Servitude rights of vehicular parking - the right to park on land, although not specifically provided for in ownership deeds - has been the subject of much discussion in the courts. The issue reached the House of Lords in Moncrieff v Jamieson, which held that a servitude right of vehicular parking was capable of existing in law as an ancillary right to a primary servitude right of vehicular access. 

A recent Sheriff Court decision provides further guidance. It suggests, as many already believed to be the case following obiter comments in Moncrieff, that a free standing servitude of parking can exist in circumstances independent of and irrespective of the existence of a primary servitude right of access over property. 

Background

The Pursuer owned land which was bordered by a narrow strip of ground (“the strip”) owned by the Second Defender. The Pursuer argued that it and its tenants had parked vehicles, including lorries, on the strip for 20 years. It sought an order from the Court declaring that it had a servitude right to park vehicles there, together with an accessory right to access the strip on foot and by vehicle. It argued this right had been created by positive prescriptive possession i.e. use without disturbance for more than 20 years.

The case raised a number of interesting issues including:

(1) whether Scots law recognises a “freestanding” servitude right of vehicular parking, being a servitude independent of, and not ancillary to, the primary right of vehicular access over the strip of land; and 
(2) whether such a purported servitude right was at odds with the Second Defender’s ownership of the land both under common law and under the Title Conditions (Scotland) Act 2003 (“the Act”).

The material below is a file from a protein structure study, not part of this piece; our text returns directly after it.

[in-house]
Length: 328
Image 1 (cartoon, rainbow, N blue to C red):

The Decision

The Sheriff decided that a “freestanding” servitude right of vehicular parking, separate from and not associated with any principal right of access, could competently exist in Scots law. This was because it was similar in nature to the type of ancillary servitude right of parking now recognised by virtue of the decision in Moncrieff (albeit the judges in Moncrieff had not explicitly approved such a right), and also to other recognised categories of servitude.

In relation to the second issue, the Second Defender argued that the Pursuer’s purported right of parking and access could result in its property being covered by vehicles all day, every day, excluding it from any practical enjoyment or use of the strip - and hence ‘repugnant’ to its ownership. They argued that that section 76(2) of the Act had superseded the relevant dicta in Moncrieff as to what might constitute the repugnance principle.

The Sheriff did not agree. His view was that the partial or total exclusion of the Second Defender from mere physical occupation of the land in question did not prevent the Pursuer’s asserted right from being a servitude. He placed reliance on the fact that a similar argument had been dismissed in Moncrieff. In his view the Act was not intended to be a wholesale codification and restatement of the law regulating servitudes. Neither s 75 or 76 of the Act were relevant to the issues in dispute in the present case.

However, the Sheriff felt it was premature to dispose of the first issue without leading evidence about the requirements for the creation of a prescriptive servitude. The case will now proceed to a full hearing, requiring witness testimony and evidence. 

Comment

The case is confirmation that the “fixed list” of prescriptive servitudes in Scotland is not closed to new entrants. We await the court’s decision following the full hearing with interest.